On trying and failing: blogging without a net

Of the all the pride-inspiring things about this project, I’m most proud that I have gotten as far as the second post of the blog without mentioning the fear of failure. However, since the fear of failure undermines almost every stage of the writing process of all writers, now is as good a time as any to talk about it, especially as it not only gives insight into the reasons students don’t write effectively, but also explains the cookie cutter look and feel of this blog.

The idea of putting my ideas on writing online in blog form has been percolating for a long time. Out of that brew comes grand aspirations: in a perfect world, this blog will become a place where many different writers will share their ideas. And the possibility of hearing positive feedback (or at least constructive criticism/healthy debate) on ideas that I thought up is flattering. But starting a blog is fraught with complications, not least of which being that I could try and fail, leaving my handful of posts relegated to float in the ether of millions of other ghost blogs out there.

Failure and I don’t get along so well. He tends to stick with me for longer than he should whenever he brings his ugly mug around. To try and keep him away from this project, I did a lot of thinking about the possibility of maybe starting a blog before actually purchasing a domain name. I added a bunch of blogs on blogging to my Google Reader, hoping their sage wisdom might show me the way to easy street and blogging gold. Each day I scanned through their posts, overwhelmed by the minutia of tagging strategies. And the more I read, the higher the pile of “skills required to be a successful blogger” grew.

Then I read Carol Dweck’s Mindsets: The New Psychology of Success and learned I should stop caring about the pile of required skills and just start trying. (Side note: One of my colleagues introduced me to Dweck’s work as it lined up with some ideas I had put in a research proposal. Ever since then, I’ve been preaching her gospel to anyone who would listen, which means that I’ll write more about Dweck’s work in the future. Probably very soon. Don’t touch that dial.)

To illustrate the illogical behavior associated with the fear of failure, Dweck tells a story about the musical prodigy Nadja Salerno-Sonnenberg.  After early success led her to Julliard, the young prodigy developed a curious strategy for avoiding failure: she began showing up to her lessons without her instrument. The prospect of putting in an honest effort and failing became so scary for Salerno-Sonnenberg that she stopped trying.

Dweck gives two reasons why honest effort is so scary.  The first originates in the incorrect belief that geniuses somehow exist who don’t need effort.  If you believe in these types of geniuses, you will be less inclined to try hard as any effort “casts a shadow on your ability.” The second notes that honest effort “robs you of all your excuses. Without effort, you can always say, ‘I could have been [fill in the blank].’ But once you try, you can’t say that anymore.”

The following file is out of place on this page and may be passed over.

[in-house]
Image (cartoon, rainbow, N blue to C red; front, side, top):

I love the “could have been” attitude that Dweck brings into the discussion because it resonates with an attitude I encounter in student conferences. Frequently, I have students that make appointments to talk with me the day before a paper is due. When they show up without a draft and I ask them what is holding them back, they say, “I have my idea all figured out in my head, but I just can’t put it down on paper.”

It doesn’t surprise me why these students’ papers don’t get written until the last minute. Doing so would put the idea they have “all figured out” into the crappy form that all first drafts take. The incongruity of that crappy draft and the perfect, polished idea they had in their head is sure to be seen as a failure by many students who don’t have much experience. In their mind, the thoughts and insights are at the professional level. When their words come out looking amateurish, they start thinking they’re a bad writer. These students, like Dweck’s prodigy, are failing to bring their instruments to their lessons out of fear that they’ll fail.

Right now, the language and look of the blog feels amateurish to me. But I’m here blogging without a net anyways because at the very least, now is the time when “could be” meets “what is.” Like my students, I’m anxious about the final results, but my anxiety is calmed some by what I tell them, “There is no such thing as a non-crappy first draft.”

If you happen to see a drowning blogger, please throw him a rope.


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Good Writer, Bad Writer

Good writer, bad writer reflects the philosophy behind the first writing lesson I attempt to teach students. Too many of them come into college believing that their writing abilities are set in stone. The bad writers continue to struggle, and the good writers don't take enough risks in their writing, figuring that any misstep will throw them back into the "bad writer" category.

Good writer, bad writer is my attempt to break the power of that dichotomy. On here, I share the lessons and attitudes that I teach, but I also talk about the attitudes I have towards my own writing since many of those have informed my own teaching. Thanks for visiting.

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